Veterans Memorial Bridge Tour Provides Glimpse Into Cleveland's History
Rita Sotu is 73 years old, and she remembers taking Cleveland’s streetcars downtown with her mom. Now, she’s on a tour of the old subway and rail system under the Veterans Memorial Bridge.
“It was always so much fun because we loved to come downtown and ride the trolleys.”
It used to be called the Detroit-Superior Bridge. People would board the trolley underground, and the old entrance is still there. It’s a staircase lined with subway tiles where people caught the streetcar at Detroit Avenue. The tour lets people see the path of the streetcar: from the subway underground, to the bridge that brought the trolley across the Cuyahoga River, to another tunnel that brought passengers into downtown Cleveland. This route operated from 1917 to 1954.
Sotu says being in the tunnel now reminds her of trips downtown with her mother.
“When you see the generations that are in the crowd, it is nice to know that we’re passing down history instead of destroying it,” she said.
Two kids, Viviane and Lucas, are exploring the history of the subway on a tour with their dad. They’re enjoying the unique views from the bridge. On the north side, the lake is visible. On the south side, there’s the city’s skyline and the current rail transportation, the Rapid Transit Line.
“I like the view. It’s pretty and it’s calming,” 9-year-old Viviane said.
Director of Public Works Michael Dever says they’ve made improvements like building ramps for wheelchairs so more people can access the tour.
“Some people never even knew that this was here,” Dever said. “So what I hope they get out of this is they get a picture of what it looked like in the past.”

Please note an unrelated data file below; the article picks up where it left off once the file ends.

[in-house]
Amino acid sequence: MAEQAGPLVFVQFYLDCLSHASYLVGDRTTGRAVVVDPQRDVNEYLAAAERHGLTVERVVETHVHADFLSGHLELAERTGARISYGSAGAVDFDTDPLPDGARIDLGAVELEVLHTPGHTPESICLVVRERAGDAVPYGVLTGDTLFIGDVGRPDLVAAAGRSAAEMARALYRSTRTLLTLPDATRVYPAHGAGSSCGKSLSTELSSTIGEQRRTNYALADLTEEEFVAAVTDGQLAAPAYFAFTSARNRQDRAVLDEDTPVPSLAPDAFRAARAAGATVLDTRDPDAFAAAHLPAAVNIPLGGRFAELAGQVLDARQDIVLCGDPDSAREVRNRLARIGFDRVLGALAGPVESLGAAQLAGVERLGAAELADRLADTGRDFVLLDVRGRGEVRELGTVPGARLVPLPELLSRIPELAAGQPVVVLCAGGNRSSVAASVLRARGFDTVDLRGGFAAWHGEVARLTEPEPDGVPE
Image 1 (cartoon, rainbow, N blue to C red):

Dever says the Department of Public Works hasn’t opened the subway tour to the public for four years because they’ve been repairing the bridge. This was a one-time tour, but Dever says he hopes they can open the space to the public more in the future. The interest is definitely there. This year, they had more than 13,000 people tour the bridge and subway. Dever says the space could possibly be incorporated into the Ohio-Erie Canal Towpath Trail.
“I doubt it that we’ll ever really put trains back under here again. It would be great if they did,” Dever said. “If anything this might be a logical place to open up, it could be an extension of the Towpath in the near future.”
But railroad historian Mark Adamcik says he would like to see the past become the future, with the return of the electric streetcar.
“This has to be preserved as a transportation asset. Converting it for other purposes is not, in my opinion, a proper thing to do,” Adamcik said.
Adamcik is on the board of the Northern Ohio Railway Museum, and he says cities need to reinvest in what he sees as a clean and efficient mode of transportation.
“The crowd that we have here today is indicative of the interest in the transportation history of the city of Cleveland.”
Although not everyone agrees on what to do with the tunnel, residents like Rita Sotu say they are just happy to see a renewed interest in downtown and the surrounding infrastructure.